This morning I worked on trying to reduce some more images. Unfortunately, when I opend the next one I was to work on, the image looked as if it had been underexposed. Only the brightest stars showed up in any manner. This meant that the programs would not work on the image because there was nothing to really work on.
So I skipped that and went on to the next image. I got about half way through processing this one before I decided to quit on that for the day. I didn't really feel like going through the image and locating the 202 stars it wanted to use as model stars.
At 3:00 it was time for our presentations. First up was Brendan, who gave a brief introduction to eclipsing binary stars.
Eclipsing binaries, as the name might imply, is a pair of stars in orbit around one another with their orbital plane inclined in such a manner that, from Earth, we see one star pass in front of the other. This causes the star in front to block light from the other for a regular amount of time on a regular interval which results in a dimming of the system that can be observed. Such systems are useful because they allow us to directly determine various properties of the star that we would be unable to determine for isolated stars, such as relative masses and sizes.
Next up was Peter, who discussed cataclysmic variable (CV) stars.
These stars are similar to the binary stars Brendan had been discussing, with the exception that they orbit very close together and the tidal forces cause mass to transfer from one to another. If the star that the matter is falling onto is a white dwarf (the dead core of stars with mass similar to our sun), the matter falling onto it can pile up until there's enough pressure to briefly reignite hydrogen fusion on the surface, causing a nova (not supernova).
Mike was next up and also discussed CV systems.
After Mike was Tiara who discussed the bigger type of explosions: Supernovae.
Hers focused on Type II supernovae which are massive stars that explode as they die. More specifically, her project is on Type IIp, which get extremely bright, fade, and then level off (plateau) for a time. Such supernovae are only expected to occur in red supergiant stars but the most famous (SN 1987a) occured in a blue supergiant, and the one she'll be studying was in a yellow supergiant. Obviously, the models for such events need some work. But that can't happen until more observations are made and we have a clearer picture of what's going on.
My roomate, Peng, was next (couldn't get a picture that wasn't blurry of this jittery bugger). His presentation was on the search for extrasolar planets by transit. As with the eclipsing binaries, planets can also potentially eclipse the face of distant stars. Although we can't directly resolve the disc of many stars (only 2-3 in fact), it would dim the light of the star a miniscule amount. This amount would be about 1% for Jupiter like planets and 0.08% for ones like Earth. Currently, the Jupiter sized ones are the only ones that we could discern from background noise. Thus he and his advisor are working on data from a testbed camera that observes several hundred thousand stars in an area 14 full moon widths in height and width. Undoubtedly, this project will also turn up many new variable stars.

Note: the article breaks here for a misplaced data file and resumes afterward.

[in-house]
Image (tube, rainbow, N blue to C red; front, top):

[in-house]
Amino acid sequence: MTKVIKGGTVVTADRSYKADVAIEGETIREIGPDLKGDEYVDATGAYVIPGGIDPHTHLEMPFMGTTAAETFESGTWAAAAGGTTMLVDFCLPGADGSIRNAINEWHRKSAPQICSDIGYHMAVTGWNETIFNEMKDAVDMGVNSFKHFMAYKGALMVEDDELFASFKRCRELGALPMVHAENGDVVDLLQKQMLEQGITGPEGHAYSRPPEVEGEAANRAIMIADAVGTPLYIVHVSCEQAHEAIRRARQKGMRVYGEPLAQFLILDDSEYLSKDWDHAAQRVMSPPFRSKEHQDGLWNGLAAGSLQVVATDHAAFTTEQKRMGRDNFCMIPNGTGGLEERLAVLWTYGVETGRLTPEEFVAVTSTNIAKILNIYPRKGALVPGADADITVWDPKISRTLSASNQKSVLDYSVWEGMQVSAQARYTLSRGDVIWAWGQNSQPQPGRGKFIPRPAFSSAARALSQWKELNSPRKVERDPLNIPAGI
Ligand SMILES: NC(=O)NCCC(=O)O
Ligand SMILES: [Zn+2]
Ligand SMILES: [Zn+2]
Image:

I was up next. It went pretty well. I ended up having to talk very quickly because I tried to fit a lot of information for a 5 minute presentation. I originally wanted to include 3 more slides that I was forced to cut due to time. I would have pictures, but the person I asked to take them for me apparently didn't.
Ryan was the next speaker and gave an introduction to globular clusters. He was woefully unprepared and had several facts wrong. Globular clusters are similar to open clusters except that they contain many more stars, generally between several hundred thousand and a million. Unlike open clusters, they have no preferred orbit around the galactic nucleus and are the oldest formations in the galaxy. Rob continued Ryan's presentation and spoke more on globular clusters.
The last speaker of the day was Kris who was speaking on dwarf galaxies.
Dwarf galaxies are loose accumulations of stars between galaxies. They're similar to clusters in many respects. There are some dwarf galaxies that appear very blue because they have massive, young blue stars, which indicates ongoing star formation. Others have no gas, and thus cannot form new stars. These ones are redder because the blue stars have all died off. Kris' studies this summer will be to work on determining if one evolves into another, or they are completely disconnected.
Afterwards, several of us headed to downtown San Deigo. We wanted to hit a club or bar, but one person forgot their ID. We found a Ghirardelli's that looked good, but the line was out the door.
Thus, we ended up at TGI Fridays. On the way back, I spotted the San Diego Convention Center which has some really cool looking stairs lit up at night:
I'll be headed there next month for Comic Con more than likely.
Finally got back to the dorms around 1:00 am.